A combination of intriguing mystery, off the wall Hollywood satire and trademark Lynch ultra-weirdness, “Mulholland Drive” proves one of the more refreshingly engaging and creative films of the year and certainly Lynch’s most accessible and enjoyable effort since “Twin Peaks” – up to a point.
There’s no doubt that at least for the first 2 hours of its runtime David Lynch has served up an excellent female buddy picture of sorts (there’s a few ‘Nancy Drew’ moments in this) with even the rather odd subplots or scenes which seem out of place eventually tying back to these two women. Despite a somewhat confusing start, the picture quickly builds an ever increasing number of memorable moments.
The clues in regards to Rita’s origin are delivered at all the right times and often generate more questions than answers whilst the humour is surprisingly frequent and refreshing whether it be inane accidents like an assassin’s stray bullet, to satire of the Hollywood system, and even out and out slapstick involving Billy Ray Cyrus.
The acting performances are superb all round, Naomi Watts coming out on top as a naive ingenue who has some surprisingly innocent takes on Hollywood. While at first that bubbliness could be mistaken for bad acting, Watts quickly dispels that as the film progresses and scenes such as her auditioning for a role show just how powerful and totally convincing an actress she can be.
Harring plays a mysterious almost femme fatale character with both warmth, a sense of dark mystery, and a simmering sexiness which shines in her quite steamy lesbian love scenes – its a quality the big female stars had in the 50’s and 60’s but is so rare to find these days. Justin Theroux plays pitch perfectly the lead male character, a smart ass young director who never appears out of shades or badly gelled hair, and follows his own subplot for the most part. Here’s where most of the comedy and confusion in the first 3/4 of the film comes from due to a slightly underdeveloped mobster backstory which ties in with a strange but very Lynchian mastermind named ‘The Cowboy’ and the dwarf from “Twin Peaks”.
As this is a Lynch pic there’s moments of unexpected but thoroughly enjoyable guilty pleasures in this, all combined with one of the most picturesque and atmospheric captures of modern day Los Angeles seen on film. Lynch’s LA is filled with intriguing gothic architecture and locals with dark secrets & desires, the magical and maniacal elements of the industry, and the sense of stark sun-drenched desolation and corruption so unique to the city – though I never recall it looking this smog free in my life.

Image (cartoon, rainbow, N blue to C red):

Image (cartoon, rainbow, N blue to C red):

If the backdrop weren’t enough, there’s other unique elements – an almost alien looking homeless man, an old clairvoyant of sorts, an old time movie star turned land lady, a mysterious blue box, the cattiness of people that is omni-present in the entertainment industry, etc. Another thing leaving an impression is the classic songs used in the most unexpected of ways – from “I Told Every Little Star” done during an audition for a 50’s movie, to a nightclub where a powerfully voiced female singer (in reality Rebekha Del Rio) belts out a stunning unaccompanied Spanish version of Roy Orbison’s classic “Crying”.
At the two hour mark however the film suddenly changes track altogether, becoming a completely different and much darker film more in the vein of “Fire Walk With Me” and “Lost Highway”. The change is so sudden and unexpected it pulls you out of the movie, and from then on its downhill – sure some elements of what happened are explained but others are just 180 degree contradictions from what took place before. Characters who beforehand were likeable and endearing become absolute pricks of the first calibre, an old couple who can shrink their size proves annoying and while the eventual climax is truly tragic – its so weird that your scratching your head rather than grieving.
Even the recent “Planet of the Apes” ending had a sense of logic for which there’s possibilities, “Memento” was complex but explainable – here basically no attempt could explain what happened which is probably what Lynch intends (Salon.Com came up with basically the first 2/3 being “all a dream” theory but I doubt Lynch would do anything that cliche). It feels like a confusing jumble was created to hide the fact he couldn’t come up with a satisfying ending in the runtime. Nevertheless the actors, esp. Watts, remain at the top of their game during these difficult to understand sequences.
Up until the two hour point this remains one of the best pieces of filmmaking of the year. When Lynch follows a narrative structure (like “Twin Peaks”) he comes up with some true gems, and while the last 30 minutes will forever remain a jumbled mess, it still has its strengths and own quirky appeal. As a series this would’ve made compelling and unforgettable television, as a movie its Lynch’s best and most enjoyable effort in years.